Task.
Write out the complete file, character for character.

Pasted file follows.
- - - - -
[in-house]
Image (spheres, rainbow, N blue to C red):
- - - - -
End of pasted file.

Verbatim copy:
[in-house]
Image (spheres, rainbow, N blue to C red):